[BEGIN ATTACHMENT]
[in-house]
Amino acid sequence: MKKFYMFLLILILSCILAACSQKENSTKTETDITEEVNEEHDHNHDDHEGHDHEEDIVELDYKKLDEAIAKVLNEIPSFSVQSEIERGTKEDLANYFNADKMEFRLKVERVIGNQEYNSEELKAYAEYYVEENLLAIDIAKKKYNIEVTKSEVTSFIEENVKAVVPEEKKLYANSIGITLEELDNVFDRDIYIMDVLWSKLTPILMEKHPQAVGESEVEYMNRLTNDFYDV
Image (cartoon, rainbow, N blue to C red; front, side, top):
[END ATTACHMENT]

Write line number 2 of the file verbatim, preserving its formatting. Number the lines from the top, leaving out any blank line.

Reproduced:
Amino acid sequence: MKKFYMFLLILILSCILAACSQKENSTKTETDITEEVNEEHDHNHDDHEGHDHEEDIVELDYKKLDEAIAKVLNEIPSFSVQSEIERGTKEDLANYFNADKMEFRLKVERVIGNQEYNSEELKAYAEYYVEENLLAIDIAKKKYNIEVTKSEVTSFIEENVKAVVPEEKKLYANSIGITLEELDNVFDRDIYIMDVLWSKLTPILMEKHPQAVGESEVEYMNRLTNDFYDV